To give you a glimpse into the new edition, here are my notes from the preface about what’s changed. Remember, the first edition was published in October of 2012, so there’s over six years of advancement to cover which is part of why it took so damn long to finish. Well, that and having a job, family, dogs, guitars, and a life, all of which are excuses further compounded by my apparent compulsion to miss book deadlines.
My primary goals in writing the second edition were as follows:
- Update all of the drawings to use Arista icons and not those awful things that I made myself last time
- Simplify, reorganize, or redo most of the drawings
- Update all of the code examples to a modern revision of code (4.21.1F)
- Update all the code examples to use 7280R switches
- Reformat the hardware chapter to talk about features and not specific models
Some chapters from the first edition have been removed due to either the topics being molded into other chapters, the content being dated, or there simply not being space for a topic that I considered cut-worthy. Chapters that have been removed include:
- Python (Merged and replaced with eAPI)
- Routing (replaced with FlexRoute)
- XMPP (Called CloudVision in the first edition)
Some of those chapters, like Access-Lists, Sflow, and QoS got cut because they’re pretty generic and I felt that they were easily learned from the EOS manual. I also felt that they didn’t really contribute to how Arista is different, so I removed them in favor of the new chapters. If you’d like to read about these topics, the first edition of Arista Warrior is always available in soft copy format from O’Reilly.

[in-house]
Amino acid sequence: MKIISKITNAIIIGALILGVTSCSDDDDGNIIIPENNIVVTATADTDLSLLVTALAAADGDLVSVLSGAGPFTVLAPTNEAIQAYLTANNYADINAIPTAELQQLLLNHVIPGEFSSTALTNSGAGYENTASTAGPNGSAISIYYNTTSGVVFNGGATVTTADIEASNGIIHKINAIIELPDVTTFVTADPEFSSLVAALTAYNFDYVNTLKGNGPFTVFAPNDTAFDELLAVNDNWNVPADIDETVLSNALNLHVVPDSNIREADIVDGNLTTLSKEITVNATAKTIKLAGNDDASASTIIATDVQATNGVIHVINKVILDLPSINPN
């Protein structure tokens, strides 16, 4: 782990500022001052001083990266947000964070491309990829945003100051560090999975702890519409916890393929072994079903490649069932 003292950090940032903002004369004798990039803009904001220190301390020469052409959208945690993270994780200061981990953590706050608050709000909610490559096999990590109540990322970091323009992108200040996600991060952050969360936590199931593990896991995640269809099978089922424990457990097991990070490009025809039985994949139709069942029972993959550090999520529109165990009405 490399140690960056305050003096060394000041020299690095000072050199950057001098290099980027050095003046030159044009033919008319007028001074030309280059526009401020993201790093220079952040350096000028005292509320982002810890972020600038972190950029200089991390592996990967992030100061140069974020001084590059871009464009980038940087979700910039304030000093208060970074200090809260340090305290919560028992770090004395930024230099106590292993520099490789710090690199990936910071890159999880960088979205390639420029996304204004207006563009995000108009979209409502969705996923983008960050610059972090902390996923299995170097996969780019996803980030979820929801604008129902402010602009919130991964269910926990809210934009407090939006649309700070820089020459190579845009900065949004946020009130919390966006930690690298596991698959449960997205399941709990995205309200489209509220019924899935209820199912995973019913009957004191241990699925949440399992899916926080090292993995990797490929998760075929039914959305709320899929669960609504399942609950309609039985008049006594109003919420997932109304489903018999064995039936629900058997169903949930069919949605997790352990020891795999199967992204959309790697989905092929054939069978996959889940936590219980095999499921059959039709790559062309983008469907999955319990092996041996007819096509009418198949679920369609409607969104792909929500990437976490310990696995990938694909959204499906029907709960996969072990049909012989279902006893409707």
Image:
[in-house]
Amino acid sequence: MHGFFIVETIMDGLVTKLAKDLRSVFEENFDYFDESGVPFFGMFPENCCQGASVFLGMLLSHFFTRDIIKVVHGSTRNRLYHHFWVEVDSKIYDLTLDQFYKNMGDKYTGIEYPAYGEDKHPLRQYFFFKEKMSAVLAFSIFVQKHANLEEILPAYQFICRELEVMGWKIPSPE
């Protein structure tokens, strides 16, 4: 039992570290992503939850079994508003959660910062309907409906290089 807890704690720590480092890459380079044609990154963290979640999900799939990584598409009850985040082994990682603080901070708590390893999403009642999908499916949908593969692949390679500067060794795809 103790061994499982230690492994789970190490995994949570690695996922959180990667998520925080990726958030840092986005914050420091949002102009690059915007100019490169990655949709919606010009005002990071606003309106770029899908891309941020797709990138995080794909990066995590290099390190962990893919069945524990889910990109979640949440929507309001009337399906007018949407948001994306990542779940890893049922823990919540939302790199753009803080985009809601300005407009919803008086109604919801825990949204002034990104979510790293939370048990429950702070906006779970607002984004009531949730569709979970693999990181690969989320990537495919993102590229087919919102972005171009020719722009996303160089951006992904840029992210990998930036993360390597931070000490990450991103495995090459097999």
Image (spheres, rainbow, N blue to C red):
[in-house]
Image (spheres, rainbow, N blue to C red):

What’s more exciting is the fact that I’ve added the following chapters to the second edition (in no alphabetical order):
- Network Design: A quick overview of the Arista recommended network designs
- Configuration Management: Config sessions, config replace, etc.
- CloudVision: Arista’s management, workload orchestration, workflow automation, configuration, and telemetry tool
- VXLAN: Layer-2 overlay networking
- FlexRoute: Two million routes in hardware
- Tap Aggregation: Make your switch or blade into a Tap Aggregation device
- Advanced Mirroring: Mirror to a port-channel or even the CPU
- vEOS: Arista’s Extensible Operating System in a VM with step-by-step instructions
- cEOS: Arista’s EOS in a container
- eAPI: Arista’s fabulous extended Application Programmable Interface
O’Reilly has revamped their whole image and the previous cover that I had included in this post (shown here) has been replaced by the new cover you see at the top. This wouldn’t have happened if I’d just been able to deliver according to the original deadlines since that’s where the original cover came from, so any confusion is entirely my fault. Let me know what you think of the new cover!